Curated and updated for the community by APA
Alzheimer’s disease is a progressive neurodegenerative condition. It is one of the most common forms of dementia, a group of symptoms that lead to a decline in mental function severe enough to disrupt daily life. Alzheimer’s causes problems with a person’s memory and ability to learn, reason, make judgments, communicate and carry out daily activities.
See definition, symptoms, & treatment
Many people near the end of their lives develop an intermittent change in thinking and behavior called delirium. Delirium involves confusion, reduced awareness, and changes in behavior and thinking that occur fairly suddenly.
November is National Family Caregivers Month, a great time to recognize and support the people caring for others
Stigma is a barrier to care for people with mental illness; more than one in four people cite stigma as a reason that they do not seek care. Being mindful about the way that we portray mental illness is important to help reduce stigma.
Find local events including programs, workshops and support groups.
Alzheimer’s Foundation of America free teleconference is designed for both family and professional caregivers of individuals with dementia.
I understand there are medications that can help with Alzheimer’s. Are there medications that actually help slow memory loss? Are they appropriate for everyone with Alzheimer’s?
There are no medications available today which slow memory loss over an extended period of time. The medications approved for Alzheimer’s have been shown in controlled studies to slow memory loss over a few months, but after 6-12 months, memory decline in those who take the medications is similar to those who do not take the medications. New drugs are being studied, and hopefully one or more will demonstrate a clear ability to reduce or stop the decline in memory impairment (we should not expect any of the drugs to restore memory loss). More
My father-in-law is experiencing some memory problems. At what point should he seek help?
It is always a good plan to have your father-in-law examined by an experienced geriatrician or geriatric psychiatrist when signs of memory loss emerge. The reason is that memory loss may not be due to Alzheimer’s or another irreversible dementia. Medications, an acute illness, or even a brain tumor may be causing the problem. Nevertheless, over the long run for the vast majority of persons with memory loss, it is important to monitor function carefully. Occasional forgetfulness, such as forgetting names, is not a major problem. Yet when the older adult begins to leave the stove on, repeatedly loses his car keys and cannot locate them, cannot keep up with usual personal business (such as banking) or cannot find his way home driving from a familiar place, then help (often from a social worker) is most important to maintain independent living as long as possible. Alzheimer’s support groups are found in most communities and they can be of great assistance to people with Alzheimer’s and their families. You can start with your state or local office on aging or a local chapter of the Alzheimer’s Association. More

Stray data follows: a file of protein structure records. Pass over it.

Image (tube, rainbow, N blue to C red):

My mom has memory problems that are really impacting her life, but she’s refusing to seek evaluation or help. What can we do?
In such situations, I will revert to the “family conference.” In such a setting, all significant members of the family (spouse if living, children, siblings) meet alone first and agree on the significance of the problem and what needs to be done with the assistance of a social worker who is skilled in the day-to-day management of memory problems. A plan is devised. Then the family meets with the older adult and as a group virtually insists that the older adult seek help, if not for her sake, then for the sake of the family. Have an appointment already set up. Have at least two family members go with the older adult to the evaluation and make certain that the family (in the presence of the older adult) express to the clinician the problems that have been noticed. This approach works most of the time IF the family is in agreement and speaks as one voice. More
About the Expert:
Dan G. Blazer, M.D., Ph.D. Professor of Psychiatry and Behavioral Sciences Professor in Community and Family Medicine Duke University School of Medicine
Roger, a 71-year-old man, was referred to a psychiatrist by his primary care doctor for symptoms of depression that had not responded to medication. Roger’s wife reported that he had begun to change at age 68, about a year after his retirement. He had stopped playing golf and cards, which he had enjoyed for decades. He no longer looked forward to going out of the house, and he refused to socialize. Instead, he sat on the couch all day and watched TV or napped. His wife said he was sleeping 10-13 hours a day instead of his normal seven hours. more
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Understanding Mental Disorders is a consumer guide designed to promote education and understanding among anyone who has been touched by mental illness.
Nearly 10,000 more people died of Alzheimer's disease in the United States last year than in 2013, a significant rise of 8.1 percent, according to US health data released Wednesday. More
The study suggests that combatting negative beliefs about aging, such as “elderly people are decrepit,” could potentially offer a way to reduce the rapidly rising rate of Alzheimer’s disease, a devastating neurodegenerative disorder that causes dementia in more than 5 million Americans. More
Clinical trials for new Alzheimer’s disease treatments could be made quicker, more efficient and more accurate by using new technology to track the behaviors of patients.More
Find a free memory screening site.
Alzheimer’s Disease Education & Referral Center (National Institutes of Health)
Alzheimer’s Foundation of America
Caregiver Action Network
Physician Review By:
Ranna Parekh, M.D., M.P.H.